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The US Navy is moving a second aircraft carrier, USS Ronald Reagan, to the Korean Peninsula where it will conduct dual-carrier training drills with the USS Carl Vinson, defence officials said.
After completing a maintenance period and sea trials in Yokosuka, Japan, the USS Ronald Reagan departed for the Korean Peninsula on Tuesday, the officials told CNN on Thursday.
"Coming out of a long in-port maintenance period we have to ensure that Ronald Reagan and the remainder of the strike group are integrated properly as we move forward," Rear Admiral Charles Williams said in a statement.
Once it arrives in the region, the carrier will conduct a variety of training exercises but primarily focus on certifying its ability to safely launch and recover aircraft.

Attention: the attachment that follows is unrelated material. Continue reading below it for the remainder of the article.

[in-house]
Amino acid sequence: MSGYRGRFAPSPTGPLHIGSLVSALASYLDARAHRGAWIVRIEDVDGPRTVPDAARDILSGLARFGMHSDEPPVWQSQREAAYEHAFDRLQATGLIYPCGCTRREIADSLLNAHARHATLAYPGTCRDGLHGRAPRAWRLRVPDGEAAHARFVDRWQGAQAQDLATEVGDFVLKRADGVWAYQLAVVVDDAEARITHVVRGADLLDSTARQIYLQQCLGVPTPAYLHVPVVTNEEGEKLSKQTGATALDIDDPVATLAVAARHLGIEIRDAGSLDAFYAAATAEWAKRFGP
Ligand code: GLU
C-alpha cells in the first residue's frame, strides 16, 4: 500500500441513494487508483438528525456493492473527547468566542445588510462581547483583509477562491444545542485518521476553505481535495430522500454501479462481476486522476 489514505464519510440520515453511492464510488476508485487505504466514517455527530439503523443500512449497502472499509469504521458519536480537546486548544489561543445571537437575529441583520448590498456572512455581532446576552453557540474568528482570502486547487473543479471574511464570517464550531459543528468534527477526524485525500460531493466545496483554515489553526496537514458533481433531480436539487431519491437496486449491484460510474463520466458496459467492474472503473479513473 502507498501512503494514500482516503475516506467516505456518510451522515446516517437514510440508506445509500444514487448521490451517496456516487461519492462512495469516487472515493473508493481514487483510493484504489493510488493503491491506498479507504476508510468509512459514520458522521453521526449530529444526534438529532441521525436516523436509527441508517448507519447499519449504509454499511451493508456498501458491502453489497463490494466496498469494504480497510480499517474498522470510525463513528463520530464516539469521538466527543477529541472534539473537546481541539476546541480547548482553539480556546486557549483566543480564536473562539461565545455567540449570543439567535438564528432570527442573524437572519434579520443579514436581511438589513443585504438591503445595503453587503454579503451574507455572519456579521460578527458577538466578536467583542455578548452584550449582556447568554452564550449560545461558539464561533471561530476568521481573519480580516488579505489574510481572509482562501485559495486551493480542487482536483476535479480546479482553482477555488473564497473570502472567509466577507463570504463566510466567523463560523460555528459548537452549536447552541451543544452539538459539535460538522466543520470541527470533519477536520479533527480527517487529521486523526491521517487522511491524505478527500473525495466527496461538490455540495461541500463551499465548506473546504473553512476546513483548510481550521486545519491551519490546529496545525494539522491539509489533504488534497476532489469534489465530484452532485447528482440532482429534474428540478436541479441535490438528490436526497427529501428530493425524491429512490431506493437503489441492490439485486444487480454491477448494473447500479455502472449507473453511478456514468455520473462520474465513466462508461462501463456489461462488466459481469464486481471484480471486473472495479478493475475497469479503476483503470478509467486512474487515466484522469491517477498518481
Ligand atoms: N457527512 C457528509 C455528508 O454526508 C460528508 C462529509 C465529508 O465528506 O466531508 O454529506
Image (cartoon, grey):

The 1,092-foot Reagan carries a crew of 4,539 and is equipped with roughly 60 aircraft, according to the Navy.
It was commissioned in 2003 and cost about $8.5 billion.
The USS Carl Vinson arrived at the Korean Peninsula late April as a show of force in advance of a long-anticipated sixth nuclear test from the North Korean government, reports CNN.
On Sunday, Pyongyang launched a KN-17 missile that achieved an altitude of more than 1,000 miles, which according to the North Koreans, is by far their longest reach yet in their missile test programme.
(This story has not been edited by Business Standard staff and is auto-generated from a syndicated feed.)